True Theological Education is a “There” and “Back” Exercise

By: David Fitch

Last week I tweeted/facebooked, “It is not enough to be in the room.  Someone normal must be able to understand you. #NoteToYoungPhDGraduates.”

It opened up an interesting discussion on FB. There were some who joked about sending this tweet to Northern Seminary Professors (of which I am one). There were others who talked about doing some in depth study on a subject like Sexual Ethics in (a class of mine) and then not being able to go back to church and make sense to anybody.  There were some who just complained about not being able to easily enter into theological discussions- the Theo-jargon was just too much.

All of this, I think,  gets at the point of this post:  “true theological education is a there and back exercise.”

1. Theology requires us to go somewhere, usually over “there” to a different place we are unfamiliar with. We study theology usually because we have questions about God, culture, and Christian life. But if the answers were obvious, we would not need to study. We would not need to read books that challenge our thinking and indeed require us to stretch. Instead, we need to understand how we got to think what we think. We need to understand culture and where the assumptions come from that drive what we do and how we experience. We cannot think ex nihilo because we are then basically parroting the culture(s) that taught us to think, feel and relate like this. Not all culture is good, not all culture is bad, but to discern culture we need to self-reflect how it impacts us. Likewise, Christians need to understand how they came to understand salvation in this particular way (or other beliefs and practices). We need to understand church history, Scripture, the history of interpretation. If we don’t go “there” we will assume the way we think about salvation is the only way to think about it in the whole entire world and in the history of Christianity (anyone know somebody like this?)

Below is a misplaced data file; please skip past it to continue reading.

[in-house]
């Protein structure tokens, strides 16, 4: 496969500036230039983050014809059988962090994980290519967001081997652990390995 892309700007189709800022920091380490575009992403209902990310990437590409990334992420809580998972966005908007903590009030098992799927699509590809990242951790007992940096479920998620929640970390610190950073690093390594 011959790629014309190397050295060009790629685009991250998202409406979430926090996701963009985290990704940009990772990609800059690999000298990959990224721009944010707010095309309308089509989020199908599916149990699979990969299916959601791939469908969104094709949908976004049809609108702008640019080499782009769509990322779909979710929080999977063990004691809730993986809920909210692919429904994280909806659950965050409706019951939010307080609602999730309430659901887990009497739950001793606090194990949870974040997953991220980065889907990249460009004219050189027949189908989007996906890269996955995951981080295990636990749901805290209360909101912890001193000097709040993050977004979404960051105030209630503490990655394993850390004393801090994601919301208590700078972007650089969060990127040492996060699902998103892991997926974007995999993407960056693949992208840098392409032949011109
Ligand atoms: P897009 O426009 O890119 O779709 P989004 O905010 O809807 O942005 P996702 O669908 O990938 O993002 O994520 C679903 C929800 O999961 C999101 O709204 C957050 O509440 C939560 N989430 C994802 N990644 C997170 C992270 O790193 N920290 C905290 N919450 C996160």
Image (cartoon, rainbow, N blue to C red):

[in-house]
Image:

The study of theology therefore requires us to go “there” and this is what enables us to lead in church life NOT out of ego, hubris or plain ignorance, but out of the ability to ask good questions, direct to sources of authority and lead good reflection. Understanding the breadth behind the issues helps us navigate the new turf of the cultures we are living in. You gotta go “there.”

2. But the work of theology does not end “there.” We must be able to go “back” to be among our friends, families, churches, coffee shops, everyday life, and be able to listen and know deeply the languages and cultures of the people we live life with. We must then be able to know how to take our theological growth and speak from it in that language, know what is helpful to teach, what is helpful to observe, what you just have to keep to yourself as helpful to you. We must in the end be able to lead by being among, by being able to ask questions, put questions into context of Scripture, teach Scripture, put the questions in the context of history, offer answers as the questions come, give illustrations and stories, pray, and most of all speak in terms that the other person does not require a dictionary for. Going “back” to be among will then help you be a better theologian, ask better questions, better translate the gospel, and grow yourself. It might be said this going “back” is more essential to good theology than the going “there” part. It might be said that the going “back” takes more effort than the going “there.” But too often, people theologically educated think their degree has given them an office to pontificate and the “people” will just have to deal with it. I suggest this kind of person is short for the ministry and soon to become irrelevant in both spheres of the “there” and “back.”

We need both the “there” and “back” for life and ministry. Both are necessary for true theological education. You?

January 21, 2015

David Fitch

Betty R. Lindner Chair of Evangelical Theology

ABOUT David



Ready to start your seminary Experience?

Apply Now